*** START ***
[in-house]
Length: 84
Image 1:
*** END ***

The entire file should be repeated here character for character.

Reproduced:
[in-house]
Length: 84
Image 1: